Because the market is not very large and there are many legislative and bureaucratic impediments to them. Taking payments online are one, just because there is no legal framework for them in most countries. Reliable internet and broadband connectivity. And mostly, a culture of risk adversity that is rife in the Caribbean.
That’s not to say that some have not tried to do something. There are a few, but the impediments to them creates a huge barrier for others to follow.
Ever since I heard about Bitcoin I’ve been on the fence about the service. I’m not sure if it was because of the nature of how one acquired Bitcoins or the way the “currency” kept fluctuating in value, in either case I’ve always been on sure. I’ve read many sources of news about Bitcoin, about how it works, who started it and it’s current state.
Two One thing s that I still feel I remain in the dark about are is: Algorithms – in the mining process, what are these algorithms that are being cracked?I’ve since realised my misunderstand with this point, nothings being cracked, the algorithms are creating hashes.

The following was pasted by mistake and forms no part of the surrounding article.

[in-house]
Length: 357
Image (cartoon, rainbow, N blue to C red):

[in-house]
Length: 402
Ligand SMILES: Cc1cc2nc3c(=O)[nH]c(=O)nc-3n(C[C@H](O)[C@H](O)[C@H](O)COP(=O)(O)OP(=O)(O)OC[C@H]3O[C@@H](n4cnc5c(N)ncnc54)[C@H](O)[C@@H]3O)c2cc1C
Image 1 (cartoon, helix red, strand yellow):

- Reversibile transactions – if I pay someone the wrong amount can I reverse it?
With that being said I still see some value in the idea, maybe not in it’s current state as Bitcoin, but with that of peer-to-peer cash systems. For one thing, living and working in the Caribbean it would become much easier to monetise your business along with buying and selling items online.
The major appeal of not having to hassle with banks or their additional hidden fees and chargebacks would be awesome. However with that said I think there’s something to be said about the secure feeling of dealing with a bank, an established institution. In the end though I wonder how the financial regulation systems will see this or even if it will be allowed to continue by governments, after all this would a perfect vehicle for money laundering. As time goes by I’m sure we’ll/I will learn more about it.
The other day while I was listening to some music (Hip-Hop and Dancehall) on the radio. I started to notice a particular theme to the music that I never realized before. It seems a lot of popular music has a lot of paranoia.
I do feel a lot of music in Caribbean has a lot of under-tones of, “dem a wicked people”, “jealousy”, “friend against friend” and “don’t trust anyone” messages. I’m not sure if there is any correlation between listening to this type of music and Caribbean people’s feelings regarding their trust issues and the treatment they feel in their own communities.
I was going to just generalise and say that Caribbean music was the only offenders of this point, but I did notice it in other music originating outside of the Caribbean region. In conclusion, I don’t think music can force you to act a certain way, but it can add influence to those that are easily influenced.